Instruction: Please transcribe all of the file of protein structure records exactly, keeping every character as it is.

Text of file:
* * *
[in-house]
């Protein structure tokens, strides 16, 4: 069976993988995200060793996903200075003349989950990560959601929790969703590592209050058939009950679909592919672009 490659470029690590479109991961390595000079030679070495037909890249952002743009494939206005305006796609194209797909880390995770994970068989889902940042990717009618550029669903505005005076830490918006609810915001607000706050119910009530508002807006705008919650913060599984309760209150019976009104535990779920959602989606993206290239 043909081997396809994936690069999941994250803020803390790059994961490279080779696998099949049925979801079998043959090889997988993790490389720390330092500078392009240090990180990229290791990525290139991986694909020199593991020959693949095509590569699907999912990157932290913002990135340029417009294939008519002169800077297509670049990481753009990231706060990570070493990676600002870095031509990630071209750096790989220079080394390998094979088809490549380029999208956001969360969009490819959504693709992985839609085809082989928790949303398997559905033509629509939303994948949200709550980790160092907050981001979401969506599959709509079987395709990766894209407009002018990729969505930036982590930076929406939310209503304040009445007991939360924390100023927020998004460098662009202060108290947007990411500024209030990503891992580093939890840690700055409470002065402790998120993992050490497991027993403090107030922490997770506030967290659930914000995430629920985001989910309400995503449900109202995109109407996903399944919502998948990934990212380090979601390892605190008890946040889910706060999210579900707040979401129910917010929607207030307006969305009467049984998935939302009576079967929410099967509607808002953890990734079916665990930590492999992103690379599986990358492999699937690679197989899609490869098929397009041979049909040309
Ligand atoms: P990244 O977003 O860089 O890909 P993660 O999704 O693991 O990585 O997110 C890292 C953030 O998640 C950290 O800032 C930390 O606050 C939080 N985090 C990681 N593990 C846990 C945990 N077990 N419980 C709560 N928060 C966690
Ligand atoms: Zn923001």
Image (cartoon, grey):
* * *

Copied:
[in-house]
């Protein structure tokens, strides 16, 4: 069976993988995200060793996903200075003349989950990560959601929790969703590592209050058939009950679909592919672009 490659470029690590479109991961390595000079030679070495037909890249952002743009494939206005305006796609194209797909880390995770994970068989889902940042990717009618550029669903505005005076830490918006609810915001607000706050119910009530508002807006705008919650913060599984309760209150019976009104535990779920959602989606993206290239 043909081997396809994936690069999941994250803020803390790059994961490279080779696998099949049925979801079998043959090889997988993790490389720390330092500078392009240090990180990229290791990525290139991986694909020199593991020959693949095509590569699907999912990157932290913002990135340029417009294939008519002169800077297509670049990481753009990231706060990570070493990676600002870095031509990630071209750096790989220079080394390998094979088809490549380029999208956001969360969009490819959504693709992985839609085809082989928790949303398997559905033509629509939303994948949200709550980790160092907050981001979401969506599959709509079987395709990766894209407009002018990729969505930036982590930076929406939310209503304040009445007991939360924390100023927020998004460098662009202060108290947007990411500024209030990503891992580093939890840690700055409470002065402790998120993992050490497991027993403090107030922490997770506030967290659930914000995430629920985001989910309400995503449900109202995109109407996903399944919502998948990934990212380090979601390892605190008890946040889910706060999210579900707040979401129910917010929607207030307006969305009467049984998935939302009576079967929410099967509607808002953890990734079916665990930590492999992103690379599986990358492999699937690679197989899609490869098929397009041979049909040309
Ligand atoms: P990244 O977003 O860089 O890909 P993660 O999704 O693991 O990585 O997110 C890292 C953030 O998640 C950290 O800032 C930390 O606050 C939080 N985090 C990681 N593990 C846990 C945990 N077990 N419980 C709560 N928060 C966690
Ligand atoms: Zn923001």
Image (cartoon, grey):